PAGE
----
This is the latest edition of Who Goes There? a regular feature in which Lost City's Brooks of Sheffield cracks the doors on mysteriously enduring Gotham restaurants—unsung, curious neighborhood mainstays with the dusty, forgotten, determined look—to learn secrets of longevity and find out, who goes there.[Krieger, 8/12/10]
Sardi's may well be the most undervalued restaurant in town. A time capsule from another era, as well-preserved and redolent of New York history as "21" or Peter Luger, it is nonetheless regularly dismissed as corny, uninspired, even embarrassing. By locals, I mean. Out-of-towners, of course, love it, and make a visit within its warm red walls a requirement of their regular Broadway sallies. In in the dog days of August, you'll see plenty of them most any evening between 6 and 8 PM, alerting waiters they have a show to go to (No! Really?), and craning their necks to identify at least one or two of the hundreds of largely unrecognizable caricatures of theatre greats that line the walls.
Sardi's has been in its current location since 1927 and has been in Sardi family hands for almost all of those years. (The current head of the family is Sean Ricketts, the grandson of Vincent Sardi Jr.) It remains there by the grace of the powerful Shubert Organization, which has long owned the building and leases the space to the restaurant. As anyone with even a passing knowledge of New York history knows, the joint was for a number of decades the chosen watering hole and chow house of the Broadway set. (The idea for the Tony Awards was hatched at a table here.) The fickle illuminati of the stage have long since moved on to other social beehives, like nearby Joe Allen and Angus McIndoe.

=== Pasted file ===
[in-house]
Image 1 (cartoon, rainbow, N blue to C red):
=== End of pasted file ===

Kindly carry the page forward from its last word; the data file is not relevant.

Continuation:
They are fools. For Allen and McIndoe don't have better food—the quality of the kitchen fare has always been a knock against Sardi's—and in terms of mise-en-scène don't even begin to compare. Sardi's large, boxy, grand main room is theatre itself. It has high ceilings, spliced by wooden pillars. Square four-tops, set at a diagonal and surrounded by bentwood chairs, are corralled by a red banquette that all but borders the entire hall. The civilizing effect of a good banquette can not be underestimated. The world looks better from a banquette and people who sit in a banquette look better to the world. They ennoble the seated, framing faces and conferring perfect posture. And Sardi's has some of the best banquettes in town.
The set-up is more formal than the tourists are used to, and it makes them quaintly self-conscious as they order their Cokes and Cannelloni au Gratin. The children, wearing the best shirts their parents could force on them, fidget uncomfortably, as if at church, and keep their voices down. They're not enjoying the experience as much as their folks, but they're bound to remember it in 20 years. A few small parties of regulars and New Yorkers can be easily spotted among the throng. They are old, observant, relaxed and imbued with a quiet, somewhat shabby gentility. They linger over their crab cakes and silver coffee pots, and no longer care who the caricatures depict, though they do still occasionally crook a quizzical finger at them.
Waiters are in red jackets and black pants, with "Sardi's" stitched in gold thread near the left lapel. They prepare Steak Tartar tableside, shaking the meat in a silver bowl until it comes out a seamless smooth orb. They come from all lands. When they sing happy birthday to a little southern girl with a big yellow ribbon in her hair, a cacophony of accents fills the air. The girl has a kiddie cocktail; Sardi's can still be bothered to make that kind of thing. Adults have water or sodas, perhaps saving money because the restaurant's prices ain't cheap. Are there any theatre people here tonight at all? Famous actors? Moneyed producers? Nope. Doesn't look like it. But who cares? The gentle and appreciative theatre-goers who see their plays are.
—Brooks of Sheffield